Follower My Number sees the band embracing their earlier math-rock tendencies and the track's overall popier, friendlier embrace still leaves some desirable space for the accompanying, rowdier guitar riffs to show themselves. And the rhythm of the track does indeed feel like it borrows from present-day electronic usage by rock bands, but somehow, Foals remain vigilant in keeping the overall palette of sounds to be of an organic sort, and the scope of guitar sounds - from the pluckier high-shoot of strings to the billowing yawn of bass thereafter - gives the track a much wider and livelier charisma to it. Charisma which, Phillipakis' upbeat expression comes off in vast waves of. So as far as releases go, we've by this point stepped into unknown waters, and it's up to Foals to prove their strength doesn't lie on just their singles. Fortunately, the track Bad Habit continues this varying shift (without being too orthodox or indecisive) in its more melodic approach. Guitars conjure a further afield distance to them in their execution and the secretive harmonies that nestle underneath add a much richer and softer texture to the instrumental's cavernous, distancing. In this scenario, it would be easy to often add a sense of a story or even thorough concept to the music, and yet Philippakis appears to reject that notion, instead ushering in bold expressions of: 'I've made my mistakes/And I feel something's changed/Now I know what's at stake/Wash the stains away' And just like that, the music continues on in this same melodic suggestion of something more complex, but doesn't exactly concretely declare it, and it feels ever the more the better choice of execution.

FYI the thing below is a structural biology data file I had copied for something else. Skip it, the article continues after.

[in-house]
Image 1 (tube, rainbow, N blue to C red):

The crucial element then to take note of, when you listen to Foals sound here, is that while the five-piece do go for a sound identity that still merits change and diversity, at the same time, it doesn't necessarily leave them at trivial indecision with what they've already come to in their career. It's hard for any band to invest change and still hold originality to the point where listeners, and critics more likely, remain convinced the band know what they're doing. Fortunately, when Foals decide to approach a piece of music in a differencing approach, their execution remains overly Foalish in its investment of melody and textural layering. Late Night can be seen as the band's first real attempt at beginning an idea at its most simplest and purest form - Philippakis' soft, ethereal offering of lyrics backed by a solitary slow pressing of keys and tender drum hits at its starting point. 'Oh I hope that you're somebody', he begins in a more hopeful but slightly melancholic suggestion. 'Someone I could count to pull me to my feet again, when I was in doubt'. Eventually, the track progresses into more rhythmic, and perhaps groove-centred vibes in its flow of intimate bass guitar and passing swipes of violin. And before long, the track reaches its true emotive lengths in its heavier drop of piano keys and jagged guitar descents, all the while percussion becoming the greater driving force behind the entire track. And even when the track vacates from its climatic force of guitar riffs and clouded layering of instrumentation, the way it closes fully on its return to a groovier pattern of plucked guitars and mellow keys suggests a prolonged feeling in the emotional and conceptual side to the track, but doesn't (again) necessarily dictate or finalize as to what the track's true agenda is standing for.